Using Gradient Boosting for Regression Problems

**Introduction **:

The goal of the blogpost is to equip beginners with basics of gradient boosting regressor algorithm and quickly help them to build their first model. We will mainly focus on the modeling side of it . The data cleaning and preprocessing parts would be covered in detail in an upcoming post.

Gradient Boosting for regression builds an additive model in a forward stage-wise fashion; it allows for the optimization of arbitrary differentiable loss functions. In each stage a regression tree is fit on the negative gradient of the given loss function.

The idea of boosting came out of the idea of whether a weak learner can be modified to become better.A weak hypothesis or weak learner is defined as one whose performance is at least slightly better than random chance. The objective is to minimize the loss of the model by adding weak learners using a gradient descent like procedure. This class of algorithms were described as a stage-wise additive model. This is because one new weak learner is added at a time and existing weak learners in the model are frozen and left unchanged.

Gradient boosting involves three elements:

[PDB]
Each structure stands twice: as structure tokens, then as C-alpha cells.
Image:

- A loss function to be optimized.
- A weak learner to make predictions.
- An additive model to add weak learners to minimize the loss function.

- Loss Function

The loss function used depends on the type of problem being solved. It must be differentiable. Regression may use a squared error.

- Weak Learner

Decision trees are used as the weak learner in gradient boosting.

Specifically regression trees are used that output real values for splits and whose output can be added together, allowing subsequent models outputs to be added and “correct” the residuals in the predictions.

Trees are constructed in a greedy manner, choosing the best split points based on purity scores.

- Additive Model

Trees are added one at a time, and existing trees in the model are not changed.

A gradient descent procedure is used to minimize the loss when adding trees.